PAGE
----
Tuesday, February 2, 2016

Black History Month: William Henry Seward

Look in your average American history book, and any reference you find to William Henry Seward will probably be because a) he negotiated the purchase of Alaska from Russia, and/or b) he was the Secretary of State under President Lincoln.

Few of those books would focus on Seward's abolitionists beliefs.

(For the record, I am not related to William Seward.  Seward is my married name.  My husband's grandfather Seward came from England in the early 1900's.)

William Henry Seward was born in Florida, New York, on May 16, 1801.  His father, Samuel, was the town postmaster, and he was a slaveowner.  At the time, slavery was legal in New York State; it was abolished in 1827.  Seward went to school with the children of his father's slaves and later, he said he preferred the atmosphere of the slave kitchen to that of his father's parlor.  Later, he wrote in his autobiography, "I early came to the conclusion that something was wrong with slavery and that determined me to be an abolitionist."

In 1820, he graduated from Union College.  Two years later, he was admitted to the bar.  After moving to Auburn, New York, he became a junior partner to Judge Elijah Miller.  Soon, he would also be Miller's son-in-law. He fell in love and married Miller's daughter Frances.  They both believed that slavery was wrong, and that was the core belief that brought them together.

Seward supported the rights of African-Americans and, throughout his career, stayed opposed to slavery.  He called for a gradual ending of slavery throughout the United States; his wife, however, wanted immediate abolition and emancipation of all slaves.  Both Sewards used their wealth to support the abolition movement, and they also financially supported Frederick Douglass' North Star newspaper, based in Rochester.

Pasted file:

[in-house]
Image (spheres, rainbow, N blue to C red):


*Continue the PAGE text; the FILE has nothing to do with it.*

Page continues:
He served two terms as governor of New York, between 1839 and 1843, and it was during that time that he gained a national reputation as an outspoken abolitionist.  When southern states asked for fugitive slaves to be returned, Seward refused.

Seward was elected to the Senate in 1849, and his repeated statements that slavery was morally wrong angered Southerners.  While he acknowledged that, under the Constitution, slavery was legal, he denied that the Constitution recognized or protected slavery.  In 1850, he remarked that "there is a higher law than the Constitution".

During the 1850's, the Sewards used their house at Auburn, New York as a safe house for runaway slaves.  It was a deliberate act of civil disobedience.  They used two rooms in the house as hiding places.

In 1859, the Sewards helped Harriet Tubman, who led hundreds of slaves to freedom, buy seven acres of land on their property.  There, Tubman built a home where she lived until she died.

Seward's role as President Lincoln's Secretary of State is much better known.  Seward didn't like Lincoln very much at first, but as they continued to work together, Seward came to respect Lincoln and was known as Lincoln's right-hand man.  They became close friends because of their collaboration.  He worked with Lincoln on the Emancipation Proclamation, and negotiated an 1862 treaty, the Lyons-Seward Treaty, which outlined measures by which the United States and Great Britian would end the Atlantic slave trade.

Abraham Lincoln was not the only one attacked on April 15, 1865.  Lewis Powell, a confederate of John Wilkes Booth, was assigned to attack Seward as part of a plot that included killing Lincoln. Powell stabbed Seward, who was confined to bed due to a carriage accident, several times in the face and neck.  Seward carried the scars for the rest of his life.

Seward would go on to serve as Secretary of State under President Andrew Johnson.  He died on October 10, 1872.  Thus ended the life of a man whose moral opposition to slavery helped end its practice.


Sources used:

McLean, Maggie, "Frances Seward", Civil War Women
"William Henry Seward", Seward House Historic Museum




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